The next stop on my Swiss adventure was a day trip to Basel. My friend had suggested it because it is known to have a great art scene. The day was rainy and damp. And I went on a Monday so perhaps not the best time to check out the “scene”. I stopped at tourist information place and grabbed some pamphlets and started to wander. On a side note, by this point my crazy awesome and very pricey Frye boots are starting to kill my feet (very early on in the day). (They were supposed to stretch out. So far so such luck. Errr.) I stop in at the couple of small galleries and museums. I took some pictures between the raindrops…
An interesting window display.
A set of funky fountains.
If you are rusty on your Swiss German, it is the Basel Paper Mill – The Swiss Museum of Paper, Writing and Printing.
This was by far the highlight of Basel. It was super informative, it was hands-on and in a really cool old historic building.
Here is the first ever paper machine.
One of the many old printing presses that were housed in the museum.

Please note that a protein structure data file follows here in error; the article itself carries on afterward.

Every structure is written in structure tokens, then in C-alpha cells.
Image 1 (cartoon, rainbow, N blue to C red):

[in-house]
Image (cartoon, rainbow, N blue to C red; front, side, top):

And then there was this guy, just hangin’ out with molten metal, throwing it in to the old fashioned typeset molds and making some letters.
When I was there he was working on some A’s.
But I’m sure he would get o other letters so he could do things like this.
They even had some history on toilet paper. Little tidbit for you….apparently the Swiss and the Germans are “folders” and use less TP, but because of that their toilet paper is thinker and rougher. The rest of the world tend to be “ballers” requiring more TP, but it then can be thinner and softer.
But by far the BEST part was learning about the paper making process. Did you know that paper in Switzerland was originally made from rags that were left to decompose? Maybe because I’m from Canada the land of trees o’plenty, but I just always assumed paper had always come from trees/plants of some sort. Not the case.
The process was basically this: you take the rags, let them decompose till they are more malable, you grind them up ad water till you have a paste type material, then add more water, put it in a vat with the rag particulate floating in it, put your screen into the mixture, pull it up, dump out excess water, use a vice to squeeze out more water and then hang the sheets to dry!
And guess what? I got to make my own paper! Yes sir, I made two whole sheets of paper the old fashioned way. How fun it that? Check out my beauties…
Have you ever seen more lovely paper? I didn’t think so.
Anyhoo, I know I’m going on about it but it really was a highlight of Basel. If you are ever there I highly recommend you stop in.